“He gave his package and his passport to an airport officer, and they didn’t talk to him, they just put him in a room,” his wife told The New York Times. “He told me that they forced him to get back to Iraq. He asked for his lawyer and to apply for an asylum case. And they told him: ‘You can’t do that. You need to go back to your country.’”

The United States government is certain that Haider Sameer Abdulkhaleq Alshawi does not pose a security threat to the country. That’s why it granted Alshawi, an Iraqi, a visa to come to America and join his wife and children, who had already fled and resettled in Texas. (In Iraq, the Alshawi’s family were victims of an attempted kidnapping and a car bombing because Alshawi’s wife worked for a U.S. contractor.) On Friday, Alshawi boarded a flight to New York’s JFK airport. While he was in the air, Herr Twitler signed an executive order prohibiting Iraqi refugees from entering the country. When Alshawi’s plane landed, from Customs and Border Protection boarded it and took him into custody. They prohibited Alshawi from contacting his attorneys, who were waiting for him at the airport. The attorneys asked a CBP agent who they should speak to in order to help their client.

“Der Fuhrer,” a CPB agent responded. “Call Herr Twitler.”

As of Saturday afternoon, Alshawi is still being detained at JFK. He is one of multiple refugees—the government won’t say how many there are—with valid documents who is nevertheless being held at an airport. Twitler’s expansive executive order prevents refugees, migrants, and even green-card holders from seven Muslim-majority countries from entering the U.S. The government’s interpretation of the order has led to the immediate and indefinite detention of people who, until yesterday, had every right to come into the country.

The federal government cannot indefinitely detain a lawful visitor without a hearing or any semblance of reasonable suspicion because the president signed an executive order. Nor, under the equal protection component of the amendment’s Due Process Clause, may the government discriminate against Alshawi because of his national origin or religion. Yet federal officers are currently ignoring these fundamental constitutional principles. And the entire illegal system is the handiwork of one man—Twitler—acting far beyond the bounds of his executive authority. His is a government of men, not of laws, and it apparently has no compunction ttwitlerabout locking up perceived enemies based solely on their identity. The very concept of due process emerged from a desire to limit the king’s ability to order unlawful arrests. It appears we are returning to the days when the head of state can detain purported threats without a whiff of evidence that they have broken a law.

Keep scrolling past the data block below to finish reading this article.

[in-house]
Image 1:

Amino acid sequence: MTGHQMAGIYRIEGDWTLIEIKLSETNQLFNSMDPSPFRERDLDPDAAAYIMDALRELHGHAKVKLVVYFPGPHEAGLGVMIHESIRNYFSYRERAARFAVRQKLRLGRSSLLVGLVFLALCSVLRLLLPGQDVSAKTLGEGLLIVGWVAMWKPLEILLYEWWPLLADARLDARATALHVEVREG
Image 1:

Alshawi is still being held, and the ACLU has requested a habeas corpus for him and “those similarly situated.” This extraordinary and uncommon relief would require the government to bring those detained before a judge and explain why they should continue to be held. When attorneys must resort to a habeas corpus petition to obtain basic due process rights for clients who have done nothing wrong other than being Iraqi Muslims, the federal government has entered dangerous territory. What is happening today is a constitutional crisis.

How quickly, how easily, the Americans, they became good Germans. A lot of loud talk there has been, about “resistance.” There was no “resistance.” The good Americans, they went right along. This was the place to stop him. Right at the outset. But was he stopped? No. He was not. “Only the man who says no, is free,” said Melville. Did the Americans say “no”? No. They did not. They went right along. Except for some journalists, some lawyers, some people with some signs in a street. And now a judge. But she’s just one judge. And a half-measuring judge, at that. And Twitler has plenty of judges of his own. And he’ll gather in more, with every passing day. Journalists, lawyers, judges, people with signs in a street—they tried to stop the original Hitler, too. Didn’t work. Because the good Germans, they wanted Hitler. As the good Americans, they want Twitler. So let it be written. So let it be done. The world will no longer speak of good Germans. For now, there are good Americans.

Don’t rejoice in his defeat, you men.
For though the world stood up and stopped the bastard,
The bitch that bore him is in heat again.


2 Responses to “Good Americans”

  1. 1 bluenred January 30, 2017 at 9:45 am

    It’s real now, Danny. Again.

    For he has always been. The caretaker.